David Harris (protester)

David Victor Harris (born February 28, 1946 in Fresno, California) is an American journalist and author.[1] He is known chiefly for his role as an anti-war activist during the Vietnam War era, most notably as a leading opponent of the Draft.

Harris in Ann Arbor, c. 1972

Early life and educationEdit

Harris was born in Fresno, California. After graduating from Fresno High School as "Boy of the Year" in 1963,[2] Harris enrolled in Stanford University. He soon became involved in the Civil Rights Movement, traveling through the Deep South to join other students in the Student Nonviolent Coordinating Committee's Freedom Summer voter registration campaign in Mississippi. In 1966, he was elected student body president at Stanford, serving a one-year term. As a counter-protest, Harris's head was forcibly shaved by a gang of masked members of the Delta Tau Delta fraternity that had many football players as members and apparently a pro-war outlook.[3] Harris was also future Republican presidential candidate Mitt Romney's dormitory RA during Romney's sole year at Stanford.[4]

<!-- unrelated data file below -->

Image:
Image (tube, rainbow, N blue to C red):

Draft resistanceEdit

In 1967, Harris founded an organization called The Resistance, which persuaded young men of draft age to refuse to cooperate with the Selective Service System—to return all draft cards, including exemptions and deferments, and refuse to be drafted; and to work together to end the Vietnam War. Within a few years, the Selective Service System discovered that only about half of the men sent draft notices actually showed up for their draft physicals. Others failed to report for induction when ordered. Selective service cases made up an increasing percentage of the Federal court backlog and prison population.[5] The number of no-shows was too great to prosecute them all, so the authorities only prosecuted a small percentage of draft law violators. When Harris received his draft notice, he chose neither to report nor to emigrate to Canada, as draft evaders had frequently done.

Harris was arrested in July 1969, and convicted of wilful refusal to report for induction into the military, a federal felony. He was sentenced to a term in Federal Prison. He served 20 months in various minimum- to medium-security prisons, where he participated in several work and hunger strikes: this provided an occasion for transfer to another prison. He was released on parole in March 1971. After his release, he gave talks about the experience.[6] He said: "In prison, I lost my ideals, but not my principles."

Other workEdit

After his release from prison, Harris worked as a journalist and writer, including a period as a staff writer for the New York Times magazine, and as an author of non-fiction books and a novel.[7]

In 1976, Harris ran unsuccessfully as a Democrat for a seat in the U.S. House of Representatives from California's 12 district, a district that included the northern part of Silicon Valley.